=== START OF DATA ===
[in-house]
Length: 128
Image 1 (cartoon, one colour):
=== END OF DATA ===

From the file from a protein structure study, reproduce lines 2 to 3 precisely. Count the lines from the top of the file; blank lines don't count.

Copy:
Length: 128
Image 1 (cartoon, one colour):